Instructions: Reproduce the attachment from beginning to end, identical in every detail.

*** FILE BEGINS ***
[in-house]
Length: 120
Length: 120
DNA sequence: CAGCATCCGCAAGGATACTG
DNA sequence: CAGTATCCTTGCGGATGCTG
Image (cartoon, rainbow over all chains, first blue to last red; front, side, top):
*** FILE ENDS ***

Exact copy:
[in-house]
Length: 120
Length: 120
DNA sequence: CAGCATCCGCAAGGATACTG
DNA sequence: CAGTATCCTTGCGGATGCTG
Image (cartoon, rainbow over all chains, first blue to last red; front, side, top):